It’s a free country; at least it was the last time I checked. Freedom means it’s up to us to do what activities we wish when it comes to our leisure time. This includes the time you spend at the gym. If you like to do Prancercise six days a week and that’s how you stay active, that’s your prerogative. Who am I to criticize?
I’m in no place to tell you what to do with your free time, exercises included. However, I am in a place of telling you how to do certain exercises and which exercises will help you get the results you want. With this in mind, here are some exercises you can cross off the list in terms of effectiveness and results:
Skip the Elliptical
Before you go tearing my head off, I contend that while you most certainly can get a good workout on an elliptical, I also contend that you probably don’t. Here’s why: you are pedaling that elliptical like a bat out of hell with little to no resistance.
Resistance is what makes us grow, period. Whether that resistance is against gravity, added weight, or through water, gains are made when we push against something. That resistance also makes us uncomfortable, and spinning your wheels on the elliptical makes some feel like they are moving fast without that uncomfortable feeling like running produces. Well guess what? The reason you hate running, is exactly what delivers the results.
The proof is in the pudding – the calories burned. I remember when the Precor elliptical first came out. At that time I wasn’t much into running and I liked that I could burn nearly 1,100 calories in an hour doing a low-impact exercise like the elliptical. Wait, what? 1,100 calories? Was I climbing Mt. Everest, fighting for the welterweight title, running sprints up sand dunes? Nope, the 1,100 I was estimated to be burning was according to the data listed on the elliptical machine.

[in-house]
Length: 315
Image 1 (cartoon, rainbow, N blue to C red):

The truth is, even if you happen to use the elliptical correctly and intensely, you aren’t burning 1,100 calories in an hour, unless you are a very, very large person working at all-out intensity. In fact, according to a recent study, the elliptical trainer was named as the least accurate when it comes to calorie counting. According to Jay Cardiello, SHAPE fitness editor-at-large, most elliptical machines overestimate your burn by 42%.
Unless you’re planning to crank up the resistance, skip the elliptical. If your body needs a lower impact alternative to running, hit the pool or the bike for your cardio instead.
Say Goodbye to Crunches
My college roommate used to sit on the edge of a bench and perform hundreds of knee crunches, always at warp speed. Despite all of his ab work, my roommate did not have ripped abs.
When people tell me they want toned abs, I tell them to change their diet and start running. I tell them that after they lose weight, they can define their abdominals by doing resistance-based core exercises (cable-based exercises, medicine ball work, etc.). In addition to being limited in terms of effectiveness, crunches also place undue pressure on the spine. People tend to do crunches in huge amounts of volume and at high rates of speed. That flexion and repetition takes a toll on the back.